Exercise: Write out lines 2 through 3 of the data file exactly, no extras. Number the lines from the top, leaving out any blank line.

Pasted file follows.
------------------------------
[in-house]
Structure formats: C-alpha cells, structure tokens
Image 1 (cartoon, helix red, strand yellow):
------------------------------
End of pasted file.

Structure formats: C-alpha cells, structure tokens
Image 1 (cartoon, helix red, strand yellow):